Netanyahu came to his senses only when Pfizer threatened this week to cancel the allocation reserved for Israel of 7 million doses (two doses per person are required, so this would cover fewer than 40 percent of the country’s citizens). That was the genesis of the accelerated conversation with the CEO, Albert Bourla, on Wednesday. Now feverish efforts are underway to sign a contract within the next few days that will make it possible to supply the vaccine to Israel in the first half of next year.
Netanyahu’s festive announcements to the public about the vaccine are rife with hyper-jubilation, as though Israel brought about the global scientific breakthrough. “Look how much dust we’re kicking up,” the ant said to the elephant. In practice, the Israeli vaccination against the virus will be completed, if it’s successful, only at the end of next year. Netanyahu’s frenetic, failed management was also demonstrated this week in consultation with the cabinet and with the coronavirus cabinet. The plan to impose a lockdown on “red” cities wasn’t implemented. Kahol Lavan’s demand to increase the fines for opening educational institutions was fudged by Likud, because of objections by the Haredi parties.
The differential approach to local governments according to the morbidity rate – the declared idea that underlies the shelved “traffic light” plan and to which Netanyahu also committed himself – is not happening. And throughout, it’s obligatory to recall, the Haredi children are in school while Israel’s other children and teenagers, from the 5th through the 12th grades, are stuck at home as Zoom zombies. Netanyahu occasionally mumbles something noncommittal on the subject, while immersing himself in lengthy discussions about imposing a pointless nighttime curfew.
Still, a bit of encouragement could be drawn this week from a visit to the headquarters of the army’s Alon Command to break the chain of infection. The state poured a lot of money into the project, but in Israel the army has no competitors when it comes to the ability to establish a project from the ground up in a short time. The unit, under the command of Brig. Gen. Nissan Davidi – and for which, oddly, no snappy IDF acronym has been found – is already working at full steam. The 2,800 soldiers involved are easily filling the quota of daily investigations (between 600 and 750 per day, which is the same as the daily number of newly infected). The army estimates that if needed, it will be possible to do 3,000 and even 5,000 contact tracing investigations a day.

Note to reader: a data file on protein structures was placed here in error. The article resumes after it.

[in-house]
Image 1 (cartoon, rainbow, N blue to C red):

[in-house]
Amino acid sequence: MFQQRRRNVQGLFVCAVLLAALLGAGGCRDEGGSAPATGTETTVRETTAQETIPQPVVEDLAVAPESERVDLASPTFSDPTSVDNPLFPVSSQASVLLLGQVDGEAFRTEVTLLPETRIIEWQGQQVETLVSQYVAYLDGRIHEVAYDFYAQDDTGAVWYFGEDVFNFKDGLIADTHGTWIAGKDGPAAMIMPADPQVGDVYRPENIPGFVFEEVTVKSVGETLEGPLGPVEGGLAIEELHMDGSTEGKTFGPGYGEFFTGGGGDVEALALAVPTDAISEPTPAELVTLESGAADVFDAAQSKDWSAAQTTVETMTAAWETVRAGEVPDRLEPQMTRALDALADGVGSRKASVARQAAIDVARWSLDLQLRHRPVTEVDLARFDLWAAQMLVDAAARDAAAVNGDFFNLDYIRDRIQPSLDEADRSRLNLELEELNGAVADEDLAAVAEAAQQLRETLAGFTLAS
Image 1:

The time that passes between a positive test, completion of the investigation and quarantining of the people who were in contact with the carrier has been reduced to 29 hours on average. Within a few weeks, Israel will be able to perform about 100,000 tests a day. At the moment there are about 35,000 a day, simply because there is no demand. Surveys will soon begin in high-tech and in the military industries to locate potential illness. For now, and contrary to earlier assessments, no appropriate way has been found to do quick tests and the Achilles heel remains the lack of cooperation in the investigations by the country’s citizens.
This week, on average, each confirmed carrier provided the names of 4.5 “contacts,” though the declared goal is to discover 10 contacts. The checks focus on the four days that preceded the infection, but even so people are declining to respond. It’s thought that only about 21 percent of each carrier’s contacts are currently being placed in quarantine. It’s clear now that there is a phenomenon of deliberate avoidance of tests, particularly among the Haredi and Arab communities. This apparently attests to hidden illness that goes unrecorded, until the chain of infection reaches someone more vulnerable, who requires hospitalization.
Only about half the people who require quarantine adhere to the regulations, and only about 30 percent of those in quarantine who are told to be tested actually report for a test. This is somehow tolerable when the incidence of illness is not too high. But the crunch will come in another month, in the depths of winter. The big question is whether, thanks to social distancing, masks and the near-absence of flights, Israel will have a winter almost free of the flu, as was the case in some of the countries in the Southern Hemisphere.